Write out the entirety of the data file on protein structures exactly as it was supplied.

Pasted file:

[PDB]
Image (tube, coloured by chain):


[PDB]
Image (tube, coloured by chain):